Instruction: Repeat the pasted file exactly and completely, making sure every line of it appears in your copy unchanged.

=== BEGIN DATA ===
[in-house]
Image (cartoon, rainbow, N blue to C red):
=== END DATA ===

[in-house]
Image (cartoon, rainbow, N blue to C red):